Project DescriptionFROM THE AIA:
The interior renovation of this library at the University of Washington not only transformed an outmoded 1970s-era building but also reimagined the learning experience for students in the 21st century. The project also recognizes the inherent sustainability in renovation and reuse of a facility versus building new. Removal of the building’s most dominant feature—the imposing central staircase—essentially “found” an additional 6,000 square feet of previously underused space, the equivalent of 36 dorm rooms.
Constructed 40 years ago with few updates since, the massive 165,000-square-foot building could no longer keep pace with changes in learning, technology, and energy use and was long overdue for an update. The architect worked with faculty to identify a set of learning behaviors the building needed to support, then developed an architectural “kit of parts” to address each one: active learning, discovery of collection, consultation, prototyping, informal learning, individual study, and production. Each piece of the kit is color coded to highlight its significance in the academic experience.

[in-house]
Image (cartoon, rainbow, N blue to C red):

The existing atrium was effectively reinvented to become the true “heart” of the building, both functionally and architecturally. Removal and replacement of the main atrium stair with a more efficient stair gained significantly more usable study and gathering space. Overhead, a large skylight adds light and airiness to the three-story atrium. At the perimeter, technology-rich classrooms for team-based learning during the day can be opened up for flexible nighttime study space. All spaces were designed for dual use throughout the 24-hour cycle. Overall, building space utilization increased by 13 percent.
The original oak stair railings were repurposed throughout the new atrium space. The remilled oak spindles enabled an undulating railing pattern, which adds interest and breaks up the massive space. Along with the new skylight, more efficient lighting, mechanical, and plumbing systems added significantly to the building’s improved energy efficiency.
For more information on the 2014 AIA Honor Awards, please visit http://www.aia.org/practicing/awards/2014/interior-architecture/odegaard-library/